Ten chief executive officers (CEOs) that failed to timely submit status reports that Vice-President Saulos Chilima requested last month have been heard and cleared on the matter.
In an interview last week, Public Sector Reforms Unit spokesperson McCarthy Mwalwimba said the CEOs were summoned to a hearing in the Office of the President and Cabinet (OPC).
Chilima, who is also Minister of Economic Planning and Development and Public Sector Reforms asked for the status reports during meetings with parastatal heads from the Central and Southern regions last month.
However, out of 66 parastatals that were told to submit the status reports, only 56 submitted on time with the remaining 10 submitting past the agreed deadline.
According to Mwalwimba, when the CEOs were summoned early this month, they gave various reasons before they were cleared.
He said: “They were asked to explain why they did not submit the reports on time. They gave various reasons. Some said it was because of Internet issues while others said their respective officers were sick.”
Mwalwimba said following the reasons the CEOs gave during the hearings, the OPC understood them and the matter was resolved.
However, he said as a way forward after resolving the matter, all CEOs were guided to follow government procedures and agreed timelines.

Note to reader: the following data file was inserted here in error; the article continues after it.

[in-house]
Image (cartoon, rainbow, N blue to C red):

“Any other defaulting institution will be taken to a much bigger task,” warned Mwalwimba.
The parastatals that made late submissions include Malawi Revenue Authority, Malawi Bureau of Standards, Malawi Housing Corporation and the Malawi Council for the Handicapped.
Others were the Malawi Gaming Board, Nurses and Midwives Council of Malawi, Malawi Accountants Board, Malawi National Commission on Unesco, Malawi Institute of Management and the Pesticides Control Board.
During his first meeting with parastatal heads on July 7 at the Bingu International Convention Centre in Lilongwe, Chilima said the status reports would feed into the 2020/21 National Budget, after which they would look at the country’s long-term development plan.
The Veep noted that the performance of parastatals was a mixed bag characterised by successes and failures; hence, the need for reforms to take effect to turn around misfortunes.